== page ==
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Which? reveals best places to buy furniture, lights and homeware

Buying a sofa in the sales? Find out the stores to head to - and those to avoid

Which? reveals best places to buy furniture, lights and homeware

Spending so much time at home this year has inspired many of us to upgrade our interiors – and if you’re investing in new furniture and homeware, it’s worth buying from a retailer you can trust. 

Which? has surveyed thousands of people who’ve recently bought items ranging from cushions and lamps to beds and sofas, so we can reveal the best and worst furniture and homeware retailers in the UK.

We’ve got star ratings for value for money, customer service, product quality, delivery and returns for all the major retailers. Read on to find out whether you should buy from big names like John Lewis and Amazon or smaller, specialist stores.

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The best furniture and homeware shops and websites

John Lewis & Partners (JohnLewis.com) is the best place to buy furniture and homeware from, according to our survey of 12,419 Which? members and members of the public, conducted in August 2020.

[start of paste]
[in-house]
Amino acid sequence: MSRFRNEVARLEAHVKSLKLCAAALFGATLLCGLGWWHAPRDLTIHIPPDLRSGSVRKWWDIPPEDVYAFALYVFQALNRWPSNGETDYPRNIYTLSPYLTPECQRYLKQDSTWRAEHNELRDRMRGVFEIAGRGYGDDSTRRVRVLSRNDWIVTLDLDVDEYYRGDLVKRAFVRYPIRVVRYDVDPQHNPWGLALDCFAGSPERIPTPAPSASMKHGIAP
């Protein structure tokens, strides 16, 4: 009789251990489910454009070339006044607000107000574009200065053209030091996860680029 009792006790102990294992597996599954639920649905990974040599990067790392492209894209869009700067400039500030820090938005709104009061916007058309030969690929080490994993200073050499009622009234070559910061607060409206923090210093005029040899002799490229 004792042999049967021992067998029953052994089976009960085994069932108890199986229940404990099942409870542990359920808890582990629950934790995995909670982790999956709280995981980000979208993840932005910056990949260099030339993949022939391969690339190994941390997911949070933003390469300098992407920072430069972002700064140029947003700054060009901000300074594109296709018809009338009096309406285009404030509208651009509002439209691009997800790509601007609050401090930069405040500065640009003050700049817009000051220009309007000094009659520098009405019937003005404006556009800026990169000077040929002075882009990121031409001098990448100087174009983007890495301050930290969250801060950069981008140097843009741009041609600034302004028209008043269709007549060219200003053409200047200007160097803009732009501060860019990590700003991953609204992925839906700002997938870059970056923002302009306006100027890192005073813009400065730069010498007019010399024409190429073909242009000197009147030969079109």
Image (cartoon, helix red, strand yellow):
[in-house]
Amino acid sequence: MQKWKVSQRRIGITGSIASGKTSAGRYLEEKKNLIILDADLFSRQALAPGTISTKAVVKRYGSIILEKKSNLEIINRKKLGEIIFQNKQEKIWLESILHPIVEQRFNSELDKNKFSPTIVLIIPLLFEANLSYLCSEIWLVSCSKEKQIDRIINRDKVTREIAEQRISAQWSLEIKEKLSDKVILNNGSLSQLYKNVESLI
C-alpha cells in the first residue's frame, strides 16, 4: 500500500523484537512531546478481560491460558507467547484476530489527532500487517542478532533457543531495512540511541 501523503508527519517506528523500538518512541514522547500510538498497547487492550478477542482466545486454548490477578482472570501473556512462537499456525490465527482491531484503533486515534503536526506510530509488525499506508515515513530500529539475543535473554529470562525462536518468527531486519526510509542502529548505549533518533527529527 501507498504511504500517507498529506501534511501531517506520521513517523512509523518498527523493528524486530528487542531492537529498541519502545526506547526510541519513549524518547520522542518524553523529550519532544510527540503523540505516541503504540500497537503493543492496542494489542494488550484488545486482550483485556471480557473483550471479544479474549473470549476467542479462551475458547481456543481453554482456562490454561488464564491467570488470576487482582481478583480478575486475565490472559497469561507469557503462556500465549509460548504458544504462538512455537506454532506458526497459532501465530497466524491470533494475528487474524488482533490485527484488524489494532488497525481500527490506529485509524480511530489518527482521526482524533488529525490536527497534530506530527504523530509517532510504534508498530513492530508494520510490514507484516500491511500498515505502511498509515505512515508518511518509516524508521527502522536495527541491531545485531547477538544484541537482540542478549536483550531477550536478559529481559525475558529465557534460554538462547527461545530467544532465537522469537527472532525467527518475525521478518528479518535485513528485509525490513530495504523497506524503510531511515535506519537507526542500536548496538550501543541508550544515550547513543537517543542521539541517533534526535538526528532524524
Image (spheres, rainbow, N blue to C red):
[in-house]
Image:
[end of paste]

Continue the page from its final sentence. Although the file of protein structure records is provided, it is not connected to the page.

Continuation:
In second place was Lakeland (Lakeland.co.uk) – and both retailers impressed us so much that we’ve named them Which? Recommended Providers (WRPs) for furniture and homeware.

Overall, cost (30%) and range (18%) were the two biggest factors in shoppers’ choices of furniture/homeware retailer. But interestingly, cost was significantly less important to those who shopped with our two WRPs. For John Lewis, habit/loyalty was the main factor, while Lakeland’s range was its biggest draw.

Why is John Lewis & Partners the best place to buy furniture from?

John Lewis may have attracted some negative press this year, closing stores, scrapping its staff bonus and planning to drop its famous ‘never knowingly undersold’ motto, but shoppers still voted it the best out of 47 furniture and homeware stores.

It scored five stars out of five for product quality, customer service, after sales service and returns, delivery and its warranties and guarantees.

The only factor that let John Lewis down slightly was the usefulness of user reviews on its website, for which respondents gave it three stars.

One customer who’d bought chairs and cushions from John Lewis said: ‘High quality products, knowledgeable and helpful and cheerful staff, good delivery, excellent returns policy. The ideal.’

Outside of a John Lewis store

Lakeland’s guarantee sets it apart

Renowned for its baking accessories and kitchen storage solutions, Lakeland came second in our survey. Shoppers gave it top marks on multiple fronts, including its product range, quality, staff and aftersales service.

Lakeland’s customers were impressed with how it communicated coronavirus-related changes to its usual shopping processes – and they loved the three-year guarantee offered on all items.

A customer who’d bought kitchenware said: ‘Lakeland sells excellent quality items and has a very good guarantee period. Customer service is also excellent.’